Catherine Roland, ACA’s 65th president

Dear Counseling Colleagues,

This is the month I will meet and talk with thousands of our members at the ACA 2017 Conference & Expo in marvelous San Francisco. We will join together to create new networks and continue friendships, generate interest in any number of issues that have emerged and, finally, engage in powerful interactions with one another to effect positive change and celebrate difference. This last element may be the most challenging of all.

On Jan. 21, I participated in the Women’s March on Washington with over half a million others, including three close friends and colleagues. We conveniently connected so that we would be “in the front,” but as the media accurately recorded, there was no front, back or side — only a middle. The day was marvelous and without incident. The participants were diverse in culture, ethnicity, gender, age and geography, and they represented every part of this country and, indeed, the world. The positivity I felt there, the tremendous hope expressed, the outpouring of support for women’s rights and human rights, was overwhelming at times. I left feeling close to euphoric.

The week following the Women’s March provided a deep challenge to many social justice advocates, counselors and counselor educators, advisers, supervisors and students. Airports in cities large and small were filled with protesters speaking out against what appeared to be a refugee “ban” on people from seven Muslim-majority countries. Regardless of political affiliation, this policy has struck a frightening chord. The Muslim community, and anyone who supports freedom, was immediately facing fear and uncertainty, confusion and anger. Those overriding feelings have impacted our work as counselors in schools, colleges, agencies and private practice — in fact, our work as humans living in America. It has nothing to do with politics; it has everything to do with humanness. That’s the bailiwick of professional counselors.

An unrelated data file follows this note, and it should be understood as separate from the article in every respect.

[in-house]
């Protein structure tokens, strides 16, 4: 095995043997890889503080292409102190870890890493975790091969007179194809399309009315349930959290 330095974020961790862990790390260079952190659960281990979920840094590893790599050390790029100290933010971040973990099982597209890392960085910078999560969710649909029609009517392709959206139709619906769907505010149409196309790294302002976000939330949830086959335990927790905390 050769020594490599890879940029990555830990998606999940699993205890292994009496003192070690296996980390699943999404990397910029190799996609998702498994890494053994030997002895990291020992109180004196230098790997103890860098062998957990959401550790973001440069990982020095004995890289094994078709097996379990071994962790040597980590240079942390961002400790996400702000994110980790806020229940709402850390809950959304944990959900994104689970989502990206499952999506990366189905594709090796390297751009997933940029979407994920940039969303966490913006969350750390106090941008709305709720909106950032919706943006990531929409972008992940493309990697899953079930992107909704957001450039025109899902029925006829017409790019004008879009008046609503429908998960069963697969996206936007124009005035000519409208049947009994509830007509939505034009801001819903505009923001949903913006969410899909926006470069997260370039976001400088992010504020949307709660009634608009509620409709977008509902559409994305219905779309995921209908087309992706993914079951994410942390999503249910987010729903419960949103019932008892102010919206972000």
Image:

That sense of purpose I felt from the Women’s March weekend plummeted to a low I hadn’t experienced since 1968, when we witnessed two beloved leaders, heroes and icons — Martin Luther King Jr. and Robert F. Kennedy — gunned down mercilessly because of their civil rights/human rights agenda. Five years earlier, President John F. Kennedy had been murdered because of a similar agenda.

A confluence of feelings of anger, misery, disbelief and helplessness descended on me. To deny safe passage into America for those fleeing impending death or abuse, because of where they come from or what they believe, puts everything we do as counselors and helpers at risk. The burden to offer excellent and empathic counseling service is a heavy one in general, and in the days and months ahead, we will be asked to generate new kinds of skills for offering help, hope and further training about diverse groups. When counselors’ constituents are hurting and struggling, regardless of why, we serve and impart hope without judgment. And we will continue to do just that!

In San Francisco, we will gain much strength from our time together. For those unable to attend in person, the best path to take is the sessions that will be made available online. This is a vital time in our profession. We must display our identity proudly and with purpose.

With Dr. Irvin Yalom and Jessica Pettitt starting us off with respective keynotes on Friday and Saturday, our hope and resolve as advocates of social justice and inclusive diversity will be supported and engaged. We will be encouraged to do our best, most ethical work.

For future consideration, learn about Illuminate, a unique and intensive ACA training symposium being held June 8-10 in Washington, D.C. The focus for this event is counseling and advising the marginalized population of LGBTQ adults, with emphasis on the intersectionality within group. Our two keynote speakers are Colleen Logan, a lifelong LGBTQ advocate and a past president of ACA, and Cheryl Holcomb-McCoy, human rights advocate and dean of the School of Education at American University. Look for more to come on Illuminate.

I will end with my consistent message that you have heard all year: Positivity, Hope and Courage. That hasn’t changed. It will just cost each of us a little more passion and effort. We know who we are as counselors.

See you in San Francisco in a couple of weeks!